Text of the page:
The decision was puzzling, some even said dangerous.  In 2009, former President Obama significantly cut funding to for the Yucca Mountain (Nevada) Nuclear Waste Repository project, and by 2011, it was all but dead.

In 2014 even papers such as the Boston Globe were saying the project should be refunded. The decision seemed puzzling, as there is really nowhere else for the waste to be kept in long term storage.

Now in 2018, Congressional leaders have approved legislation that will likely clear the path for the construction of the site to resume. Rep Dan Newhouse says House Bill 3053 has cleared the House by a vote of 340-72. The bill will clear the way for the site to resume and will provide a number of reforms and streamlines for the nation's nuclear waste disposal policies.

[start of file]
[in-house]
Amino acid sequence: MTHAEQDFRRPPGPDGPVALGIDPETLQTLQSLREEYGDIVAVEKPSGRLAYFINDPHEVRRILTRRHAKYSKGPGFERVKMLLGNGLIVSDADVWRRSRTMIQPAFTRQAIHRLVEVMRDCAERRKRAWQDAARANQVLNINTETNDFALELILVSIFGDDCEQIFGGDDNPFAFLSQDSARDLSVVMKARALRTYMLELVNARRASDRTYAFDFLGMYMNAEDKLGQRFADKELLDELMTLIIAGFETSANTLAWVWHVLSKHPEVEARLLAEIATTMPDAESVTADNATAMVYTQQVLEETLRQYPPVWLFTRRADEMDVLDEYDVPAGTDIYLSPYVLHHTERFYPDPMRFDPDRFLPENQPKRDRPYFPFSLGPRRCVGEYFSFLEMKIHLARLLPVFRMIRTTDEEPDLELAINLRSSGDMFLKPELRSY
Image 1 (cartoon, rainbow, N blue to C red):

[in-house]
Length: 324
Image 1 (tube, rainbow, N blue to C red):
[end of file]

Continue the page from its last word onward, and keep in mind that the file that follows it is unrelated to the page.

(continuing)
For years, Hanford and  a few other sites around the country have been storing spent nuclear fuel from reactors, as well as old waste from WWII and Cold War projects. Eventually, it is hoped most of the waste stored in the 167 tanks at Hanford will be interred at Yucca Mountain.

The site was chosen because of it's stability, lack of erosion, and would be far less likely that others to allow radioactive wastes to seep through the earth and potentially contaminate water sources or other areas.